Baby boomers had a dramatic impact on the domestic economy, raising home ownership, consumer spending and employment rates to unprecedented heights. This was once the largest generation in America, recently being beat out by millennials, 83.1 million people (#sorrynotsorry). As baby boomers retire, however, so does the available workforce. But why you ask? What about the Millennials?
Millennials want to work for flexible, attractive and innovative companies – they’re not thinking supply chain, distribution centers, manufacturing, warehouses or materials handling – they're thinking tech and medical industries. As a millennial myself, I think it’s time to educate my generation on the possibilities of an industry they clearly have all wrong.
Not Your Daddy's Warehouse
Warehouses are imagined as being dark and dusty; manufacturing as boring, repetitive and outdated. However, none of this is true in today’s modern distribution centers and manufacturing facilities, but Millennials are not immune to these impressions. I thought this myself until I fell into it.
We’re drawn to jobs that allow us to use our inherent comfort, familiarity and adeptness with technology. After all, we grew up during the age of the Internet explosion and we were still young adults when the iPhone debuted in 2007. Ok, ok – I’m not that young, if anything, I’m on the upper end of the Millennial spectrum, but yes, I grew up with technology and a lot of it! Think about it, to attract the Millennial audience, invest in the technology they can work with. Turn your dark and dusty warehouse into an pristine, automated facility.
Gamification of Work
As part of the generation who grew up with video games as a ubiquitous form of entertainment, it’s been suggested that before age 21 today’s average American has spent close to 9,000 hours playing video games. (Yikes – not for me! But I’m probably an outlier.) Automated systems with computerized or touchscreen human-machine interfaces (HMIs) therefore not only don’t phase Millennials, we actually prefer them.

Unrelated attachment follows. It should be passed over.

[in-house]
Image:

Automated picking machines support our desire for qualitative, ongoing feedback. That’s because such systems deliver information about required tasks and their rate of completion through gamificiation – as the on-board HMI can be programmed to display picking rates at that machine. When several of these automation solutions are arranged in a pod, a separate monitor can display performance rates by each picker in the zone or within the facility, so operators know how their productivity compares to that of their colleagues.
Another desire of Millennials, is flexibility. This could mean flexible work hours or more than the standard two vacation weeks a year. But how does that benefit you, the employer? Because automation can be used to optimize an existing labor force, increasing productivity from 200% to 600%, systems like horizontal and vertical carousels, VLMs and VBMs support flexible staffing measures by enabling just one worker to handle the picking assignments of multiple operators. With automation in place, a company can comfortably allow all its employees—not just Millennials—greater flexibility in choosing when they want to start and finish work, or to implement variable shift schedules that give employees more time off.
So for my Millennial friends, take a deeper look into how companies are modernizing their warehouses and distribution centers, creating fast paced work environments in a high tech space. Manufacturing companies have to stay on the cutting edge of technology to succeed, so don’t scoff at the idea of working in the supply chain - it’s not the dark and dusty warehouse job you’re stereotyping.
Though an investment in a Millennial employee can seem risky, it’s worthwhile. Millennials are changing the industry by asking questions, speeding up processes and bending the rules to innovate outdated practices. As baby boomers retire and Gen X moves into the C-suite, attracting Millennials to supply chain jobs is going to be critical. Embrace the Millennials, iGen (aka Gen Z) is right behind them.